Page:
A lack of affordable, accessible, appealing housing plagues many communities across the state. The legislature recently found a way to help.
It’s the first thing in the morning, which means Ramona DiMassimo has already claimed her spot at one of the desks in the computer room of her apartment building. She says having Internet access down the hall from her apartment has been “habit forming.”
“I don’t get anything done,” she said, laughing. “I headed in half an hour ago for breakfast and, well, I haven’t made it yet!”
DiMassimo, and her dog Elvis, used to live in a mobile home. She couldn’t afford necessary repairs and sometimes the heating bills. She resisted moving into low-income housing, expecting the worst. But Memorial Homes, a new low-income apartment building in Williamsport, surprised her.
The apartments are large, clean and well-maintained. There’s a gym, a full-time staff and a community room. “All us old hens get in there and cackle,” DiMassimo said.
Building Memorial Homes and sprucing up the surrounding neighborhood has been on the county’s to-do list for years, says Kim Wheeler, deputy director of planning at the Lycoming County Planning Department.
“We’ve been talking about this since our strategic plan in 2006,” said Wheeler. “We’ve had great visions, but we don’t always have the resources.”
The county was able to invest $2.6 million into the project thanks to an unlikely source: fracking. In 2012, the state levied an “impact fee” — a sum companies pay to offset the public cost of new development — on each natural gas well. The proceeds went into the Pennsylvania Housing Affordability and Rehabilitation Enhancement Fund, known as the PHARE fund.
Gas boom, housing boom
The money was there to help communities deal with the sudden influx of gas workers, says Liz Hersh, executive director of the Housing Alliance of Pennsylvania.
“Some of these communities had homelessness for the first time in their history,” Hersh said. “They saw apartments go from $300 a month to $3,000 a month.”
Over the past four years, $35 million dollars of the fund has been distributed to 37 counties. Some of that went to solving the immediate housing crisis by building homeless shelters or providing rental assistance. But many communities also used the funding to fix all kinds of housing problems that had been around long before the gas industry.
Long-term problems, long-term solutions
A lack of affordable, accessible, appealing housing is not limited to Marcellus Shale counties, says Wheeler.
“Whether it’s Sunbury or Williamsport or Mount Carmel, it’s a similar picture,” Wheeler said. “It’s really scary to think about what’s going to be in 50 years because we just have so much old housing stock.”
With statewide issues, housing advocates began looking for statewide solutions. Hersh says the four years of distributing gas well impact fees served as a test run for the PHARE fund, whether they realized it or not. The program was successful for the 37 Marcellus Shale counties.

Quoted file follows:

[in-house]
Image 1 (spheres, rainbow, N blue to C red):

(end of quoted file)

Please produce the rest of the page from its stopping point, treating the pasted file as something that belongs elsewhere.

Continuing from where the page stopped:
So last month, a bill passed the legislature expanding PHARE funding statewide. The Shale counties will still get all the funding from the gas well impact fee. But all 67 counties in the state will be eligible for funding from a new source.
“The revenue source is future growth in the realty transfer tax,” said Hersh. “What happened is that with the [2008 housing market] crash, the realty transfer tax proceeds went way down because people weren’t buying houses for a few years there. Now, it’s going back up.”
This year’s realty transfer tax income is the base. Forty percent of any additional income in future years will go into the statewide PHARE fund. The fund will be slow to build but could distribute up to $25 million a year in time. All that without raising taxes or cutting other programs, which explains how the bill passed the entire legislature with only one ‘no’ vote.
It’s not a perfect plan, mainly because the realty transfer tax relies on a strong housing market. If there were another stock market crash, assistance would dry up right when counties needed it the most. But Hersh says this is a case of not letting the perfect be the enemy of the good. “If you don’t have a place to live, you can’t really hold a job, you can’t really do your homework,” Hersh said. “If we don’t have that basic human need, really nothing else can fall into place.”
She thinks PHARE funding can help counties provide that basic human need.
It’s already helping the residents of Memorial Homes.
“I’m so proud of myself because before I moved here, I was on a lot of medications,” said DiMassimo. “And I’m not on anything anymore, because everything just fell into place here.”
DiMassimo is working on quitting smoking, but she isn’t going to let the perfect be the enemy of the good either. And for her, things are finally pretty good.